Years of classical training finally pay off for the gifted Natalia Zukerman
“It was required that I play an instrument. Just like a chore, I had to go practice,” Natalia Zukerman explains. Choice, you see, was never part of the equation for this talented singer-songwriter. Her father, Pinchas, was a celebrated violinist and conductor, her mother, Eugenia, a world-renowned flutist and writer, and her paternal grandfather a clarinetist in klezmer bands throughout Poland and Israel. If “nature” wasn’t up to the task, “nurture” was more than enough to prevent any permanent deviation from a biological imperative.
|Natalia Zukerman: Accomplished singer-songwriter, blinding guitar virtuoso, and prominent mural artist.|
“I don’t think they ever really expected me to become a musician, but I do think they would’ve been shocked if I became an investment banker or a Republican,” Zukerman laughs. “Those two things definitely weren’t in my upbringing.”
Now in her early thirties and recently transplanted from Brooklyn to Boston’s North Shore (blame it on a new love), Zukerman is set to release her third album, Only You, a stripped-down collection of almost-live tracks — slinky, sexy, seamless intermarriages of folk, jazz, and blues. Ten years ago, this album — hell, the first two — would not have been on the radar. Zukerman gave up music while attending Oberlin College, choosing instead to earn a degree in visual arts. That decision has earned her a living and a reputation as a mural artist. But you can only run from your genetic destiny so long before life sets everything back in order.
“I don’t know if it was a decision,” Zukerman says of how her first album Mortal Child (2001) came about. “I let the guitar go in college and for a number of years afterwards. Honestly, I moved to San Francisco and started playing at open mics to meet people, and ended up with a record’s worth of songs and friends pushing me to make one. So I did. It wasn’t so much about deciding to do it. I just kind of found myself doing it.” So she recorded an album by accident? “Something like that,” she laughs.
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The guitar is the classically trained Zukerman’s most trusted companion these days. Her remarkable fingers can pluck more than 30 notes per measure. To hear her perform and watch the way her digits work so furiously is a remarkable experience. It took her a while to find her forte, though, and only after her parents pressed her through a rigorous musical trial.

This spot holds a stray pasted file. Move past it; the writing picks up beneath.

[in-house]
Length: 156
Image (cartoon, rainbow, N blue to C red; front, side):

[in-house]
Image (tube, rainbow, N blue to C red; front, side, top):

“I hated it venomously, because it’s so difficult,” she says of the violin lessons she received as a child. “I really wanted to quit, but my mom — and I hated her for this at the time — she made me learn a certain amount of repertoire and practice a certain amount for six months and then decide if I wanted to quit. So basically, get to a certain ability level and then decide — but I still hated it.”
So maybe, just maybe, Zukerman’s parents knew what they were doing. All these years later, Only You is sure to be hailed as her most accomplished album to date. Its unique sound was derived by recording live in her own living room — a trick that worked for Shelby Lynne on her latest Suit Yourself and for Zukerman’s good friend Melissa Ferrick on more than one occasion.
“I thought about doing a live record,” Zukerman says. “I’m such a nitpicky kind of perfectionist, though, the only way that I could do it where I’d be happy with the outcome was if I had a real sound engineer traveling with me for a number of weeks. I would never be happy with one performance enough to put it out. Since that was not economically feasible for me and I still wanted to be creative with a live feel, I recorded everything in one take. There’s no overdub. I just played the songs the way I play them live.”
The experience of recording Only You proved to be a revealing one, too. “More produced albums obviously add so much,” she says, “but also cover up so many of your foibles in the post-production. I didn’t do any of that. I just played the way I play.”
And maybe the way Zukerman plays is her figuring out who she was always meant to be on tape. That is, if albums were still recorded on tape. Whatever the case, her parents certainly are enjoying having a daughter who spends her life on the road much as they did in her youth. Then again, as Zukerman points out, her family’s travels were “certainly not in a Honda Civic and the Hilton is not the Motel 6.”
“Since I started touring a lot, my dad, in particular, gets such a kick out of calling me and not knowing where I am. ‘Where you going next?’ He loves it,” Zukerman says, laughing. “My mom, too, because she used to get frustrated when I was a teenager and didn’t know where she was. They both live on my website, basically, to find out where I am.” •
By Cole Haddon